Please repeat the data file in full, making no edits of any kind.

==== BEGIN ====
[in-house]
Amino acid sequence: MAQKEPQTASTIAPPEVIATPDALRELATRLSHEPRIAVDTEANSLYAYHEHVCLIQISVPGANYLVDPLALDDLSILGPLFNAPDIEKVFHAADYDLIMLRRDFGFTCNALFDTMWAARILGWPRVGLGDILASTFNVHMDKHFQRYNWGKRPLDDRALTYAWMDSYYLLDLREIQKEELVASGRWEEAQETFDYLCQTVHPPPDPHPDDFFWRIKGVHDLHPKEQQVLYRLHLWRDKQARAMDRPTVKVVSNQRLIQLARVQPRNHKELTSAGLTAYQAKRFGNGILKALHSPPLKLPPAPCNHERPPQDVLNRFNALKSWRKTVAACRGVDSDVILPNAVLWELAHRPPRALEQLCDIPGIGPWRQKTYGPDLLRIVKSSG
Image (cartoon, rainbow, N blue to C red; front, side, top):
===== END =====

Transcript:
[in-house]
Amino acid sequence: MAQKEPQTASTIAPPEVIATPDALRELATRLSHEPRIAVDTEANSLYAYHEHVCLIQISVPGANYLVDPLALDDLSILGPLFNAPDIEKVFHAADYDLIMLRRDFGFTCNALFDTMWAARILGWPRVGLGDILASTFNVHMDKHFQRYNWGKRPLDDRALTYAWMDSYYLLDLREIQKEELVASGRWEEAQETFDYLCQTVHPPPDPHPDDFFWRIKGVHDLHPKEQQVLYRLHLWRDKQARAMDRPTVKVVSNQRLIQLARVQPRNHKELTSAGLTAYQAKRFGNGILKALHSPPLKLPPAPCNHERPPQDVLNRFNALKSWRKTVAACRGVDSDVILPNAVLWELAHRPPRALEQLCDIPGIGPWRQKTYGPDLLRIVKSSG
Image (cartoon, rainbow, N blue to C red; front, side, top):